(Reuters) - A wave of selling hit European shares on Thursday amid investor fears of a prolonged economic downturn due to the coronavirus pandemic, driving euro zone banks to all-time lows at one point.
The pan-European STOXX 600 closed down 2.2% to hit its lowest level since April 22.
After recovering sharply from mid-March lows with help from massive stimulus actions, the STOXX 600 has shed about 4% in May on worries that the early easing of lockdowns by certain countries will cause a second wave of infections.
Those fears were further heightened by the U.S. Federal Reserve Chair Jerome Powell warning of a recession worse than any since World War Two and the World Health Organization saying that the coronavirus may never go away.
Retailers, food & beverage companies .SX3P and industrials led sectoral declines in Europe.
Euro STOXX 50 volatility index, also known as the stock market fear gauge, touched its highest level since May 5.
“In the absence of positive fundamentals, equity markets can only be sustained by liquidity for a short period - eventually they need something nourishing to bite into,” Societe Generale’s Albert Edwards wrote in a client note.
Adding to market woes, U.S. President Donald Trump said he was very disappointed in China over its failure to contain the coronavirus, saying the pandemic cast a pall over his trade deal with Beijing.
Trade-sensitive automakers dropped 2.8% as Fiat Chrysler and Peugeot decided not to pay ordinary dividends for 2019.
Euro zone banks closed down 0.7% after hitting a record low earlier in the session. The index is down nearly 50% this year as surging loan losses due to the pandemic and a dividend payment freeze hit stock prices.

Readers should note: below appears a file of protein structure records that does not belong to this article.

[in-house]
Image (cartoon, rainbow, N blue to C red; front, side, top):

“There’s a risk that the dividend will not be reinstated for the current year,” said Filippo Alloatti, senior credit analyst at Federated Hermes. “This is an important element for the equity story of eurozone banks. The sector is de facto ex-growth.”
GRAPHIC: euro zone banks - here
UK homebuilder Countryside Properties slumped 17.3% to the bottom of the STOXX 600 as the closure of its sites and sales offices battered half-year revenue and profit.
Portuguese retailer Jeronimo Martins tumbled 10.9% after it withdrew its forecast for 2020 due to the uncertainty stemming from the pandemic.
In contrast, pan-European exchange operator Euronext ga1ined 2.6% after reporting a 55% jump in quarterly revenue, partly driven by heavy trading in March that has propped up profits for some brokerages.
Reporting by Sruthi Shankar in Bengaluru, graphics by Stefano Rebaudo in London; Editing by Patrick Graham, Anil D'Silva and Mark Heinrich